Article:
Tad Williams: Shadowplay


Shadowplay is the second tome in the Shadowmarch series by Tad Williams. Following up on the final of Shadowmarch, all main characters are put in desperate situations they do not know how to deal with: Barrick has been sent into Qar territory by Yasammez, accompanied by Ferras Vansen, who is true to the promise he gave Briony. The Princess herself flees her enemies towards the south, mentored by frail Shaso. Qinnitan arrives in Hierosol and wants to go in hiding there, unknowing that the Autarch has already put one of his deadly hunters on her trail. Below besieged Shadowmarch castle, Chert struggles to keep his family out of trouble which seems to wait for him around every corner.

Olin Eddon, the King in exile, is repeatedly shown but not given a viewpoint yet. He bears his imprisonment with valiant grace while trying to help the Hierosolians prepare for the attack he is sure will come from Xand. There is a lot more going on with several small viewpoints, each contributing a little piece of the puzzle. In particular, we get to know a lot more about the history behind the quarrels between humans and Qar which might in fact date back do an ancient war between the gods themselves.

I liked Shadowplay way better than than its prequel.  It has more coherence; you can feel Williams spinning, not only telling. Probably the best part is the pampered royal twings—especially Briony—having to adapt to fundamentally unroyal situations. They learn in the most brutal ways how protected they have been and how oversimplified their worldviews used to be. This worked great for me because we get into their heads during Shadowmarch, accepting their point of view to be somewhat right.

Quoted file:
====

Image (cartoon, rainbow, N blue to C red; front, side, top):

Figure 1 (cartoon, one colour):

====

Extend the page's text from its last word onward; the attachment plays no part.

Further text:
I also enjoyed a number of new focus characters: via the very interesting viewpoint of the Autarch’s right hand, Pinimmon Vash, we get to know more about the Autarch himself. We furthermore get a few, but telling glimpses at King Olin Eddon through the eyes of several Hierosolian viewpoint characters, especially one cheeky girl taking an interest in the foreign prisoner.

Another big plus is the amount of background information provided, especially regarding religion, myth and Qar society. The fact that Williams sometimes dumps those stories ungracefully disturbs only a little; oftentimes, characters naturally exchange knowledge or belief concerning the gods in an effort to make sense of what happens. Another good thing I dearly missed in MSaT: Williams kills important characters when appropriate. Sadly, though, he does so “off-screen” in at least one prominent case. The only way this can be legit is that the character has not actually died—we will see.

My greatest critism is that there are some impossible saves from hopeless situations that have the unpleasent tinge of deus ex machine to them which I can not explain without spoilering too much. In addition, I felt particularly cheated in the end because the foreshadowed attack on Hierosol’s wall does not happen. Having already read the sequel, I know that it is not told of in the sequel, either; in fact, Hierosol is not on-screen even once. This really left me hanging.

All in all, Shadowplay is a decent second book. It has to remedy some issues of volume one and is therefore a bit slow in taking up momentum, but it clearly prepares the ground for a thrilling and complex climax. Looking forward to part three!

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